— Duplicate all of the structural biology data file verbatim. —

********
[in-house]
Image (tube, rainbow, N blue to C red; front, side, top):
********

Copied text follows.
[in-house]
Image (tube, rainbow, N blue to C red; front, side, top):